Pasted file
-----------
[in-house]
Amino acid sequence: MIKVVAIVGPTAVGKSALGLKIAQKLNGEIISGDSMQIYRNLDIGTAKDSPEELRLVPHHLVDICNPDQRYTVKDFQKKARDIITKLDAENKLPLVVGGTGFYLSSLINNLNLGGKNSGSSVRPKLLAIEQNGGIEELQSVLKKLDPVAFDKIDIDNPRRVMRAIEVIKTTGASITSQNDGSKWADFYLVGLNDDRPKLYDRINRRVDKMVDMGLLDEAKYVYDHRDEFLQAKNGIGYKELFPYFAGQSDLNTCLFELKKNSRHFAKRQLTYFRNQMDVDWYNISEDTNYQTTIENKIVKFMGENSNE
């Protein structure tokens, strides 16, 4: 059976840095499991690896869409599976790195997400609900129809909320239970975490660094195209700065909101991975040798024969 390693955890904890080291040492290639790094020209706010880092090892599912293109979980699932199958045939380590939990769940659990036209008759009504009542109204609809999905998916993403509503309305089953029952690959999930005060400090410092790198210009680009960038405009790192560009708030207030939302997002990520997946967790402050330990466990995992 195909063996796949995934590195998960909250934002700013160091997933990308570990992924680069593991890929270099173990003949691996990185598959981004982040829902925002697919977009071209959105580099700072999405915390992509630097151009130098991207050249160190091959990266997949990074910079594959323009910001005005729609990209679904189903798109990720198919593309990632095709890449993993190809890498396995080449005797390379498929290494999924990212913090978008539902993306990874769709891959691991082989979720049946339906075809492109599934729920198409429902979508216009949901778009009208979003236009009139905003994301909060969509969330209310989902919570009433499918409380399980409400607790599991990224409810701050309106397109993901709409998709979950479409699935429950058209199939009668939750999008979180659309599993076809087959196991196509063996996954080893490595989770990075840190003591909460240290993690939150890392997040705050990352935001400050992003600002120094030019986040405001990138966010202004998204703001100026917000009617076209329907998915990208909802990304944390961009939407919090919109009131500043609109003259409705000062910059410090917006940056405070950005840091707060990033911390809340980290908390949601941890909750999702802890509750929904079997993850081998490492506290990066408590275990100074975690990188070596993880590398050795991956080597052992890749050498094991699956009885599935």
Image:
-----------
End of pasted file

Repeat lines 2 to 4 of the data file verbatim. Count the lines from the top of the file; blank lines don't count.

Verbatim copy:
Amino acid sequence: MIKVVAIVGPTAVGKSALGLKIAQKLNGEIISGDSMQIYRNLDIGTAKDSPEELRLVPHHLVDICNPDQRYTVKDFQKKARDIITKLDAENKLPLVVGGTGFYLSSLINNLNLGGKNSGSSVRPKLLAIEQNGGIEELQSVLKKLDPVAFDKIDIDNPRRVMRAIEVIKTTGASITSQNDGSKWADFYLVGLNDDRPKLYDRINRRVDKMVDMGLLDEAKYVYDHRDEFLQAKNGIGYKELFPYFAGQSDLNTCLFELKKNSRHFAKRQLTYFRNQMDVDWYNISEDTNYQTTIENKIVKFMGENSNE
């Protein structure tokens, strides 16, 4: 059976840095499991690896869409599976790195997400609900129809909320239970975490660094195209700065909101991975040798024969 390693955890904890080291040492290639790094020209706010880092090892599912293109979980699932199958045939380590939990769940659990036209008759009504009542109204609809999905998916993403509503309305089953029952690959999930005060400090410092790198210009680009960038405009790192560009708030207030939302997002990520997946967790402050330990466990995992 195909063996796949995934590195998960909250934002700013160091997933990308570990992924680069593991890929270099173990003949691996990185598959981004982040829902925002697919977009071209959105580099700072999405915390992509630097151009130098991207050249160190091959990266997949990074910079594959323009910001005005729609990209679904189903798109990720198919593309990632095709890449993993190809890498396995080449005797390379498929290494999924990212913090978008539902993306990874769709891959691991082989979720049946339906075809492109599934729920198409429902979508216009949901778009009208979003236009009139905003994301909060969509969330209310989902919570009433499918409380399980409400607790599991990224409810701050309106397109993901709409998709979950479409699935429950058209199939009668939750999008979180659309599993076809087959196991196509063996996954080893490595989770990075840190003591909460240290993690939150890392997040705050990352935001400050992003600002120094030019986040405001990138966010202004998204703001100026917000009617076209329907998915990208909802990304944390961009939407919090919109009131500043609109003259409705000062910059410090917006940056405070950005840091707060990033911390809340980290908390949601941890909750999702802890509750929904079997993850081998490492506290990066408590275990100074975690990188070596993880590398050795991956080597052992890749050498094991699956009885599935």
Image: